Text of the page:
dangerous substance with intent to distribute,” and, second, for
“Conspiracy for unlawful distribution of controlled dangerous
substance,”2 Case No: CF-2004-5069;
3. A 2007 conviction for “Domestic abuse by strangulation”Case No:
4. Two 2008 convictions charged together, first, for “Burglary, first
degree,” and, second, “Domestic assault and battery,” Case No:
Facing no objection from Mr. Abbo, so without identifying which of his felony
convictions it relied on, the district court generally concluded that he qualified for an
enhanced sentence under the ACCA. The district court adopted the PSR and sentenced
Mr. Abbo to 15 years’ imprisonment. Mr. Abbo appealed, but on non-ACCA grounds,
and we affirmed. United States v. Abbo, 515 F. App’x 764 (10th Cir. 2013).
Having lost his bid for a COA in the district court, Mr. Abbo has appealed. We
will issue a COA only where “the applicant has made a substantial showing of the denial
of a constitutional right.” 28 U.S.C. § 2253(c)(1)(B), (c)(2). To make such a showing,
“[t]he petitioner must demonstrate that reasonable jurists would find the district court’s
assessment of the constitutional claims debatable or wrong.” Slack v. McDaniel, 529 U.S.
473, 484 (2000).
2 The parties did not address whether the conspiracy charge counts
independently as a serious drug offense, so we do not reach the issue since Mr. Abbo
qualifies as an armed career criminal either way.
Appellate Case: 18-6081 Document: 010110283610 Date Filed: 01/03/2020 Page: 4
The ACCA imposes enhanced sentences on defendants convicted under 18 U.S.C.
§ 922(g)(1)—felon in possession of a firearm or ammunition—if they have any
combination of at least three violent felonies or serious drug offenses. See 18 U.S.C.
§ 924(e)(1). In determining whether prior convictions count as violent felonies or serious
drug offenses, courts employ the “categorical approach.” Under that approach, we
“compar[e] the elements of the crime of conviction to the ACCA.” United States v.
Titties, 852 F.3d 1257, 1265 (10th Cir. 2017). But when the statute of conviction is
divisible, meaning that “it contains more than one crime,” we apply the “modified
categorical approach,” which “reveals the relevant elements for the comparison under the
categorical approach.” Id. Though Samuel Johnson struck down § 924(e)(2)(B)’s
“residual clause” as unconstitutionally vague, it left the “enumerated-offense” and the
“elements” clauses in force for measuring what felony convictions qualify as a “violent
felony.”3 See United States v. Degeare, 884 F.3d 1241, 1245 (10th Cir. 2018) (citing
Johnson, 135 S. Ct. at 2563).
3 “[T]he term ‘violent felony’ means any crime punishable by imprisonment
for a term exceeding one year, or any act of juvenile delinquency involving the use or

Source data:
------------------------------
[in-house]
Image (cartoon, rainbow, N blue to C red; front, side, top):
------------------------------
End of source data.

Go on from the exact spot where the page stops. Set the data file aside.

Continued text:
carrying of a firearm, knife, or destructive device that would be punishable by
imprisonment for such term if committed by an adult, that—(i) has as an element the
use, attempted use, or threatened use of physical force against the person of another;
or (ii) is burglary, arson, or extortion, involves use of explosives, or otherwise
involves conduct that presents a serious potential risk of physical injury to
another[.]” 18 U.S.C. § 924(e)(2)(B).
Appellate Case: 18-6081 Document: 010110283610 Date Filed: 01/03/2020 Page: 5
To prove a Samuel Johnson claim, a petitioner has the burden to establish “that the
sentencing court, more likely than not, relied on the residual clause to enhance his
sentence under the ACCA.” United States v. Driscoll, 892 F.3d 1127, 1135 (10th Cir.
2018). When the sentencing record is silent or ambiguous about which clause the district
court relied on, we look to the “relevant background legal environment” to aid in
determining whether the district court relied on the residual clause. See United States v.
Snyder, 871 F.3d 1122, 1130 (10th Cir. 2017), cert. denied, 138 S. Ct. 1696 (2018). If the
law at the time would have permitted the district court to rely on either the elements
clause or the enumerated-offenses clause, then the petitioner will normally fail to meet
this burden. See United States v. Washington, 890 F.3d 891, 899 (10th Cir. 2018), cert.
denied, 139 S. Ct. 789 (2019).
Before us, Mr. Abbo fails to identify his basis for asserting that the district court
relied on § 924(e)(2)(B)(2)’s residual clause to categorize any of his felonies as “violent
felonies.” Notwithstanding this failure, we have reviewed the sentencing record and
found it silent on which clause of the ACCA the district court relied on. So to prevail on
his Samuel Johnson claim, Mr. Abbo must establish that the relevant background legal
environment makes it more likely than not that the district court relied on the residual
clause than the other clauses to categorize any conviction as a violent felony. See Snyder,
871 F.3d at 1130. He has failed to do so.
In denying Mr. Abbo a COA, we point to three of his felony convictions that are
beyond his Samuel Johnson challenge. As noted, we do not address three other felonies,
which might also qualify as violent felonies or serious drug offenses.
Appellate Case: 18-6081 Document: 010110283610 Date Filed: 01/03/2020 Page: 6
A. The 2004 Conviction for “Possession of a Controlled Dangerous Substance
with Intent to Distribute”
To begin, as the first required qualifying ACCA predicate felony offense, Mr.
Abbo concedes that his 2004 conviction for possession, with intent to distribute, a
controlled substance qualifies as a “serious drug offense.”
B. The 2007 conviction for “Burglary, First Degree”
For this offense, the judgment of conviction states that Mr. Abbo violated 21 O.S.
§ 1431, which in 2007 read as follows: